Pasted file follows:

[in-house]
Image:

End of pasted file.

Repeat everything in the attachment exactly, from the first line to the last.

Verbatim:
[in-house]
Image: